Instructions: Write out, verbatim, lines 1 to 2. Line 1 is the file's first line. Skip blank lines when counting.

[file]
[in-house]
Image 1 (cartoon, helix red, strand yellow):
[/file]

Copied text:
[in-house]
Image 1 (cartoon, helix red, strand yellow):